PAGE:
Both/and, not Either/or

Life is full of dichotomies.  We face many decisions: chocolate or vanilla, to spend time at work or with our family, to take the turn to the right or left.  In Western tradition we become used to these binary choices whereas Eastern tradition embraces polar opposites: each positive has a negative and vice versa, the yin and the yang, you are and you are not.

The overarching duality calls for us to be both individuals and members of humanity.  Both aspects define our humanness.  We all share a commonality, but each individual is unique.

Science in the last century has also embraced both/and.  It used to be thought that matter or energy existed in one state.  Then along came the discovery that light acts like both a particle and a wave.

The same dichotomy exists within our lives.  We can embrace the opposites and not be restricted by an either/or viewpoint.

We can learn to balance both work and family so we’re not sacrificing one for the other.  Parents may bring children to work, take work home, set priorities and be successful in both roles.

In business people get labeled as visionary or action-oriented.  How about being both?  How about having a clear vision about where a company is going while taking the steps to make it a reality?

Rather than having to be either focused or aware of things around you, how about being both?  Like a good firefighter who is concentrating on the fire but also aware of threats around him that may prevent him from quenching the fire.

Do you need either to have an imagination or be pragmatic?  How about both?  How about dreaming up wild ideas and then implementing one with down-to-earth pragmatic steps to make it a reality?

What about being either intuitive or logical?  How about being both?  Make the intuitive leap and then build the bridge, plank by plank that gets from here to there.

Do you have to either accept your situation or improve it?  No.  You can both accept your current situation with a realistic assessment of all its warts, problems and challenges and then take the necessary steps to improve it.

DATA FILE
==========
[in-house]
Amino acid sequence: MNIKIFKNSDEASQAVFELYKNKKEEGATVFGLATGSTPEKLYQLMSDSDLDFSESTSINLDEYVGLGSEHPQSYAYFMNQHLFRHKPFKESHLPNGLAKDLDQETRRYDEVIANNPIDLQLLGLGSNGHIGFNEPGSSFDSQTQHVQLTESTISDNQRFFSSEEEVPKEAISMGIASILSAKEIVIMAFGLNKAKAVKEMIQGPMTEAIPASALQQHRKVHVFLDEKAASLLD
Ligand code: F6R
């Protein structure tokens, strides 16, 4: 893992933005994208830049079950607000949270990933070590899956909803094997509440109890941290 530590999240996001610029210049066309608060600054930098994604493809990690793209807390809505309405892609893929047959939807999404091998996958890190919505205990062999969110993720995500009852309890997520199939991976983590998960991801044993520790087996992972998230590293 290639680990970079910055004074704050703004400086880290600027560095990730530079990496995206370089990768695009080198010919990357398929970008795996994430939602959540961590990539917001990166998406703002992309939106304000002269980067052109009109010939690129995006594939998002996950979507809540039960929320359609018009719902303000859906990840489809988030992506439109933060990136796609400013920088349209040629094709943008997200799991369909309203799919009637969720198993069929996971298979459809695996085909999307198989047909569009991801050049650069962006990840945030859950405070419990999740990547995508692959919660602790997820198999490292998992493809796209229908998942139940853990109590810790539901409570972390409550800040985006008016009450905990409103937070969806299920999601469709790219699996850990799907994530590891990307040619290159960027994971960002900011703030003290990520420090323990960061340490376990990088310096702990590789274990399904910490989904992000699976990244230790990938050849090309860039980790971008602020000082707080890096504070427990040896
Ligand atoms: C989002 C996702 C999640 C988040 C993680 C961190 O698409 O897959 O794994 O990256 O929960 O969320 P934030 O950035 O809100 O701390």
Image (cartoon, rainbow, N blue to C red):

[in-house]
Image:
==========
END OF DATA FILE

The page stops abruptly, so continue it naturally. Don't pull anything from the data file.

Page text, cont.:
Embrace dichotomy.

And by the way it doesn’t have to be chocolate or vanilla.  You can order a swirl.

Thursday, June 4, 2015

Faith: Positive or Negative?

“Have faith,” someone says.  It’s another way of indicating, “have hope, don’t give up, hang in there.”  That’s a good trait.  Stick-to-itness.  The Stockdale Paradox is to have faith in a positive outcome and do everything possible for that positive outcome, but be grounded in the reality of your current situation.  That’s faith based upon reality.

But there is another type of faith.  Blind faith.  This is the faith that runs counter to logic, rationality and what is happening in the real world.  This is the faith of fundamentalism.  If it is written in the old testament, new testament or Koran, then it’s to be believed literally.  If a priest, minister, mullah tells you to murder in the name of God, do you do it?

This becomes the danger of our time.  The misdirection of faith, faith run amok, that takes life rather than preserves and enhances life.

We see all around us the two types of faith.  On one hand appears the faith of joy, giving, following the true teachings of Buddha, Jesus, Muhammad, Moses, Confucius.  Do unto others as you would have them do unto you.  Resist not evil.  Love your enemies.  The Eight-fold Path.

On the other hand we see the misdirection of faith.  I’m saved, and you’re going to hell.  I’m right, and you’re wrong.  My family, tribe, nation or religion is justified in killing members of your family, tribe, nation or religion.  My book has the literal truth of God, and yours is the misguided ramblings of lunatics.

How can so many people believe that they have the literal word of God and all the others don’t?

What we need today entails seeing the truth in many different religious traditions and to focus on the common truth rather than the exclusivity of one prophet versus another.

Each religion starts with insights into the human predicament.  Unfortunately, a structure is wrapped around the core teachings to become institutionalized.  Then the message is lost in the trappings of the formal faith.

So keep the faith.  Just don’t kill others with it.